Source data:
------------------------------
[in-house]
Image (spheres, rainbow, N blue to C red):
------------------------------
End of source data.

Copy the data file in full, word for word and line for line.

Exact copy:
[in-house]
Image (spheres, rainbow, N blue to C red):